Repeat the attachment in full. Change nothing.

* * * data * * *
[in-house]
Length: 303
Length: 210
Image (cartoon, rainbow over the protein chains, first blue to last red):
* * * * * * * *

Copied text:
[in-house]
Length: 303
Length: 210
Image (cartoon, rainbow over the protein chains, first blue to last red):